The Linux kernel mostly supports any printer that you can plug into a serial or parallel port, but there are things to look out for, and printers that you won't be able to use, even though they can (electrically speaking) communicate with Linux. Primary among these incompatible printers are those that rely on the "Windows Printing System". (They're often vaguely labelled "for Windows".) These printers do not work with Linux. They haven't any "smarts" at all, and rely on the computer CPU to do much of the tasks that have been traditionally done by the printer's CPU. Unfortunately, these tasks can only be done by the vendor-supplied drivers, which only run under Windows. So don't buy one to use with Linux.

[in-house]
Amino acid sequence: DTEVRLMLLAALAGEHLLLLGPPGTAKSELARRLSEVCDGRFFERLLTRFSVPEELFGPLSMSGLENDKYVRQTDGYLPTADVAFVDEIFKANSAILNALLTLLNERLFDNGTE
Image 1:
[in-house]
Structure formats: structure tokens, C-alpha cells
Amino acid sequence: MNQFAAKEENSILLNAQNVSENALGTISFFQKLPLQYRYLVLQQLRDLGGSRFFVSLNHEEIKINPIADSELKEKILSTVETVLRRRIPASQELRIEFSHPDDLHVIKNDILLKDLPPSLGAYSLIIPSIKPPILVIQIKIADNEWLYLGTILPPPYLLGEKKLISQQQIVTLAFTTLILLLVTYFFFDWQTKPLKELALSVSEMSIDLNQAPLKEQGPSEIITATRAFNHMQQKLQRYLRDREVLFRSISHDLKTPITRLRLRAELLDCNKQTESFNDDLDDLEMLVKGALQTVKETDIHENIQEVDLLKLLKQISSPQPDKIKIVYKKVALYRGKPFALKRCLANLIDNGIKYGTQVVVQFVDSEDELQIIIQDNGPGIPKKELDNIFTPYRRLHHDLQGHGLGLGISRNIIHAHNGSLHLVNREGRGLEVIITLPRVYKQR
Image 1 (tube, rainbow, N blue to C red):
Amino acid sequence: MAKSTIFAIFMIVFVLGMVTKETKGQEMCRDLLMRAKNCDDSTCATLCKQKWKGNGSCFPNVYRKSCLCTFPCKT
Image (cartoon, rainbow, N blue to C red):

As for what printers do work with Linux, the best choice is to buy a printer with native PostScript support. Nearly all Unix software that produces printable output produces it in PostScript, so obviously it'd be nice to get a printer that supports PostScript directly. Unfortunately, PostScript support is scarce outside the laser printer domain.
Failing the (larger) budget necessary to buy a PostScript printer, you can use any printer supported by Ghostscript, the free PostScript interpreter used in lieu of actual printer PostScript support. The Ghostscript Home Page has a list of supported printers and information on the status of new and experimental drivers. Please help improve the Ghostscript printer support page by reorting your successes and failures as it asks.